10.
  • Nicholas A. Christakis
    Physician and Social Scientist, Harvard University; Coauthor, Connected: The Surprising Power of Our Social Networks and How They Shape Our Lives

    James Fowler
    Political Scientist, University of California, San Diego; Coauthor, Connected: The Surprising Power of Our Social Networks and How They Shape Our Lives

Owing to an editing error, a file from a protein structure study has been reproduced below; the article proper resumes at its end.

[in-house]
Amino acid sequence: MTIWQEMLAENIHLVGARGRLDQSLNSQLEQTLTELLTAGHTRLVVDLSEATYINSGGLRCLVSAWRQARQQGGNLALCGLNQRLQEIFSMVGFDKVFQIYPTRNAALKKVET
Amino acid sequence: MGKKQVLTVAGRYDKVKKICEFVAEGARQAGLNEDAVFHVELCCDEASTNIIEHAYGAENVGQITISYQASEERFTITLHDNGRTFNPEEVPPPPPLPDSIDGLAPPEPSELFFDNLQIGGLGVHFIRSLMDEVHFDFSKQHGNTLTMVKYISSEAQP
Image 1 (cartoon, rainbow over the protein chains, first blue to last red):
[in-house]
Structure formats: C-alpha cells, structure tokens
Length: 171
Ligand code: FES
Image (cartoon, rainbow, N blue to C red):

• A Map of obesity within the kind of social network we all inhabit. There are 2,200 people (nodes) and many thousands of ties (lines) between them. Nodes with blue borders are men and red borders are women. Bigger nodes are bigger people, and the interior color of the nodes indicates whether the person is obese: yellow are obese and green are non-obese people. The colors of the ties between the nodes indicate the kind of relationship (e.g., friend, spouse, sibling). Clusters of obese and non-obese individuals are visible, and these arise not only because individuals of similar body size preferentially form ties, but also because one person's body size affects that of another to whom they are connected. This map sent us on a new direction in our research, orienting us to new possibilities that network science had for understanding the human condition, and improving it.